Proxies: get+fn vs. invoke

Tom Van Cutsem at
Mon Oct 11 07:18:23 PDT 2010

This is odd, I didn't see the original message you were replying to.

To respond to the question you posed in the "syntax for efficient

Yes, I do. The latest is "magic methods" directly on objects (possibly you
> saw --; I don't know what again with
> es-archive server, but it doesn't display the lettter which I send about
> "get+fn vs. invoke" --
> --
> there only answer on the letter with correcting the typo).

Hmm, your API defines all the handler methods directly on the object, thus
explicitly ignoring the stratification afforded by the original API.
Granted, your implementation filters out magic properties in appropriate
places, so they won't show up in e.g. for-in loops, but the magic methods
are still easily accessible directly from the object. I understand that
people just want to write:

myObject.__get__ = function() { ... }

instead of:

var handler = Proxy.noopHandler(myOriginalObject);
handler.get = function() { ... }
myObject = Proxy.create(handler, Object.getPrototypeOf(myOriginalObject));

I agree that the current API is too bulky if all you want is
__noSuchMethod__, but I'd much rather see a wrapper library that allows me
to write something like this:

var [myObject, handler] = wrap(myOriginalObject);
handler.get = function() { ... }

or just:

var myObject = wrap(myOriginalObject, { get: function() { ... } })

This still keeps all the meta-functionality of an object in a separate
object. Code that only has access to "myObject" can't mess around with its
meta-level behavior. 'magic' methods don't prevent a client from
inadvertently overriding an object's traps.

Maybe you can answer on this question regarding proxies? How can we handler
> in one get of a proxy handler both cases of a call-site:

> and


> ?

Having invoke, we handler However, the case when the get returns
> should look (unfortunatelly?) like ( Also of course does
> not extracted as a functional object (including invariants
> But I think, is it the case that user wants to used
> them exactly as funargs or he wants more to handle just access
> (exactly calling of) to non-existing methods? P.S.: to avoid off-topic
> regarding this topic devoted to traits/mixins, it's better to answer to that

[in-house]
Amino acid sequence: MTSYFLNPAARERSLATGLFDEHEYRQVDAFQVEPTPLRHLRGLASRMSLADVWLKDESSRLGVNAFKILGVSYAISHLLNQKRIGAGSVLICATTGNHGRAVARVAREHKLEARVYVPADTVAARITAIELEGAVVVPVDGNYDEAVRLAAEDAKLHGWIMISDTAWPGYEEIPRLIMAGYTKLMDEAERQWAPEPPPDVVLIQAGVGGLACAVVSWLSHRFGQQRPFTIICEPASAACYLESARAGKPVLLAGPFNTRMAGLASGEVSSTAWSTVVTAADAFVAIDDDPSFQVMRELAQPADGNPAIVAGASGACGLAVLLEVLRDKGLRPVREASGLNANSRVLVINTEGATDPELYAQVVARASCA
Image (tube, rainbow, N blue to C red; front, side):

> trhead -- "get+fn vs. invoke".

In short: the 'get' trap can't distinguish the above two cases. This is a
pity, and I agree it would be useful for 'get' to have that information
sometimes. There has previously been talk on this list of parameterizing
'get' with an additional flag to detect get+call vs invoke, but it turned
out that not all implementations would be able to support it: <>

In retrospect it may not be so bad that this feature isn't supported. I can
imagine it could lead people to write code like:

get: function(receiver, name, args) {
  // suppose that args === undefined implies that the property was only
queried, not invoked
  if (args === undefined || args.length === 0) {
    return 'a';
  } else {

So that and would both return 'a'. This could lead to a
lot of confusion, since it's hard to quantify what "" denotes. If
it's supposed to be a method, then should return a function. If
it's supposed to be a getter, then should call the thing returned
by the getter (which, in this case, should raise a type error since strings
are not callable)


2010/10/9 Dmitry A. Soshnikov <dmitry.soshnikov at>

>  On 10.10.2010 0:44, Dmitry A. Soshnikov wrote:
> Yes, there are some cons: a non-existing method can be extracted as a
> funarg for later use. It also do not break invariant with call/apply methods
> applied for the method:
> Sorry, typo, not cons, but pros of course.
> Dmitry.
> _______________________________________________
> es-discuss mailing list
> es-discuss at
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